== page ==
The project bringing Palestinian refugees back home


What does the right of return mean to Palestinians, 72 years since the Nakba? Tarek Bakri’s visual documentation project offers a glimpse

Shukri Al Jamal and family (L) outside the home in Jerusalem from which he was expelled during the Nakba, now (R) inhabited by Jewish Israelis

Henriette Chacar writes in The Electronic Intifada:

A few months ago, I was scrolling through Facebook when a video really caught my attention. I tapped the unmute button to hear a young Palestinian woman, Nour, tell her grandmother over the phone: “Sitti, I’m standing in front of the palm tree you told me about.”

There’s nothing particularly appealing about the video itself — the image is shaky, and it’s difficult to make out Nour’s words over the strong wind.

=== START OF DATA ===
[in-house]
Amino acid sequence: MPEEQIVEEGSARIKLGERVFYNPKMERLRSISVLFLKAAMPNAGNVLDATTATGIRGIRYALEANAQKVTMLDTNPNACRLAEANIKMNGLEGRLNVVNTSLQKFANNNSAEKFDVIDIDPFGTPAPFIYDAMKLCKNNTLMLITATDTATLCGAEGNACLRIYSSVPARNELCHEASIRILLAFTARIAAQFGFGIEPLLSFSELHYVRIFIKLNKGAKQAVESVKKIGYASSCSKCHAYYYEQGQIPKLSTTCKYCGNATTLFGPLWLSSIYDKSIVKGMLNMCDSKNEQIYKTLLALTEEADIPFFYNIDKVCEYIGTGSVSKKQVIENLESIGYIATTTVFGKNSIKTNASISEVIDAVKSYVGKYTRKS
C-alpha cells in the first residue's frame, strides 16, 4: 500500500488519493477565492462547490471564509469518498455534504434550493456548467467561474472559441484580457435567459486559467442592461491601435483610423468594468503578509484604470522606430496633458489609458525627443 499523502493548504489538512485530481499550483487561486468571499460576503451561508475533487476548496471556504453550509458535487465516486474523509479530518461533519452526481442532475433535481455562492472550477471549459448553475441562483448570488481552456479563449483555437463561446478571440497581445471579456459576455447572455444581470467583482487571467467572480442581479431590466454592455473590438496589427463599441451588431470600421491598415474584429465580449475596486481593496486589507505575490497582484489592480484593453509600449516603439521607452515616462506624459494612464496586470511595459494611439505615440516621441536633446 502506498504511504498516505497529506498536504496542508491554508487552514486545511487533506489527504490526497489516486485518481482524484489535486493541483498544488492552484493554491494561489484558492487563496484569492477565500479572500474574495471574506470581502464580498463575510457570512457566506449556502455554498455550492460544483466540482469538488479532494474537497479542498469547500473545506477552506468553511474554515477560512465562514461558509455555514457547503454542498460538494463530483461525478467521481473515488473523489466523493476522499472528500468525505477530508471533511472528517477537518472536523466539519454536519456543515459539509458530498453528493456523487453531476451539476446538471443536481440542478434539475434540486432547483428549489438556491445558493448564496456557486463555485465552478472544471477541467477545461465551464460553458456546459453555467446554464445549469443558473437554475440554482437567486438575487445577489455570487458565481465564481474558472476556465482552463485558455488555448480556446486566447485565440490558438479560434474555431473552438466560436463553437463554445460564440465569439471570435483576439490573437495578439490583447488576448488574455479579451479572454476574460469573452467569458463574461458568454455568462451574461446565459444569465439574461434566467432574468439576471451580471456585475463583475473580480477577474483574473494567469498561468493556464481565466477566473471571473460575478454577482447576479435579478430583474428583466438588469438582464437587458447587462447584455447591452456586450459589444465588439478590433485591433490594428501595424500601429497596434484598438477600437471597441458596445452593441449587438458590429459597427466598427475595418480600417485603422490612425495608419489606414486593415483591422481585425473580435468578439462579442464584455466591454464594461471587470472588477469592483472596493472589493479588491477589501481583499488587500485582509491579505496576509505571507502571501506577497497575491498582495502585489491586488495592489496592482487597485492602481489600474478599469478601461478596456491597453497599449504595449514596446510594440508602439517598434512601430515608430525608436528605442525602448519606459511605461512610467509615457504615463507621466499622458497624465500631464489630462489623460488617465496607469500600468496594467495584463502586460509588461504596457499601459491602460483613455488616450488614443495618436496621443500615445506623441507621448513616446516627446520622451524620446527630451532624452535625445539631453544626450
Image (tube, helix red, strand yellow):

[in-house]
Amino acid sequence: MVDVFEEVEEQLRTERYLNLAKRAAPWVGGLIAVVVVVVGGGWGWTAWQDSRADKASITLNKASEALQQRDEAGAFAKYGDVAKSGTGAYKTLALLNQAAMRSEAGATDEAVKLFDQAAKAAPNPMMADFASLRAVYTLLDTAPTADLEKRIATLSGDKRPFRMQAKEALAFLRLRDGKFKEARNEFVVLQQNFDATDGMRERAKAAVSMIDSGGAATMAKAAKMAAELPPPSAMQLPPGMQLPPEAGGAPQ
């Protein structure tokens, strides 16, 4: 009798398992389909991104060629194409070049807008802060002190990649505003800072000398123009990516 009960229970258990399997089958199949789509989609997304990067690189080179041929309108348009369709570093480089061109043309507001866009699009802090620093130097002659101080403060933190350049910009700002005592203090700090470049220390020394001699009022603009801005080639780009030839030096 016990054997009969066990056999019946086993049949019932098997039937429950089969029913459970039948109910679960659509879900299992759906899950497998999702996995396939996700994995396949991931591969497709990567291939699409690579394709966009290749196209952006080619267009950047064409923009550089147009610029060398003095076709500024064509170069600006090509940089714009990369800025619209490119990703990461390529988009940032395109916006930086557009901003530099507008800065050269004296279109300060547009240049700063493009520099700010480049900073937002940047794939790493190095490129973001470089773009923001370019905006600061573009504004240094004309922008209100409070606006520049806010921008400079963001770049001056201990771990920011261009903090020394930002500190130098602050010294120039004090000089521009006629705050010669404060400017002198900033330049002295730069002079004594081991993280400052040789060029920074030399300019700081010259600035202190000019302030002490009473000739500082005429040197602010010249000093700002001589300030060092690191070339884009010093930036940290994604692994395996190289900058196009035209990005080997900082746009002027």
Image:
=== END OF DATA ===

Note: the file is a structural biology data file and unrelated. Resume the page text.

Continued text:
Her grandmother, a Palestinian refugee from a village north of Akka, was exiled to a camp in Syria during the Nakba, the catastrophe that culminated in the displacement of hundreds of thousands of Palestinians in 1948, and which continues to impact millions more to this day.

Nour was able to enter Israel on a European passport. After hearing her grandmother, Um Safwan, talk about her Palestinian home all those years, she decided to pay it a visit.

The landscape has changed completely since, and what used to be the village is now an Israeli national park. But using the sea and a palm tree as her markers, Um Safwan guided her granddaughter to where the home once stood.

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